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The Essential Guide to Commercial Mortgage Backed Securities (CMBS)

Commercial mortgage-backed securities (CMBS) play an important role in commercial real estate markets. These bonds, backed by mortgages collateralized by office buildings, shopping centers, hotels, multifamily and other types of asset, in 2021 accounted for nearly 21 percent of the $683 billion of commercial mortgages originated in the country, according to the Mortgage Bankers Association. The entire universe of CMBS amounts to $608 billion, according to Trepp Inc. Read on for an overview of CMBS.

What is a CMBS?

Commercial mortgage-backed securities are fixed-income instruments backed by mortgages on commercial properties. This is a common structure in the world of commercial real estate finance, just as it is in the home mortgage sector, where residential mortgages are packaged and resold as residential mortgage-backed securities (RMBS). CMBS loans typically are offered in amounts of $2 million and up.

CMBS are fixed-income securities, meaning bonds that are backed by commercial mortgages. They are instruments that are used as a funding mechanism for mortgages. Investors buy these securities with the promise of receiving a pre-determined yield. The process of creating CMBS starts with lenders who originate loans to owners of commercial properties. Lenders then package these loans into bonds which are sold to investors. To give an analogy, picture a bucket that gets filled with mortgages as lenders write them. The investors who buy these buckets of bonds are then effectively funding the mortgages. A community of investors likes CMBS because they provide diversification and predictability.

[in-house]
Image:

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How do CMBSs work?

Commercial real estate mortgages operate a bit differently from residential mortgages. While home loans typically are issued in terms of 15 or 30 years, commercial loans commonly carry terms of two, three, five, seven or 10 years. In another distinction, the typical home loan is issued on an amortization schedule that calls for gradual repayment of the balance. Commercial mortgage borrowers, on the other hand, typically reach the end of their loan term owing a balloon payment of 80% to 90% of the original loan balance. While a homeowner who lives in a house for decades gradually pays down the mortgage, commercial real estate owners refinance frequently. This quirk of the commercial real estate market creates demand for CMBS.

Lenders package the mortgages, which then are sliced and diced into tranches or classes. The classes at the top have little default risk, while the tranches at the bottom of the scaffolding have a greater risk. The reason for that is the way CMBS investors are repaid.

As borrowers make their mortgage payments, those funds are passed through to the bond holders. Everybody gets their interest payments, but the principal payments are directed to the top tranches. Once the top class is paid off, payments move to the next class. As a result, the class at the top experiences the smallest chance of default. The investors at the bottom have greater risk because near the end of the life of the package of loans, the borrower pool might include stragglers who do not make their payments. The investors in the lowest classes are the first to absorb those losses.

How big is the CMBS market?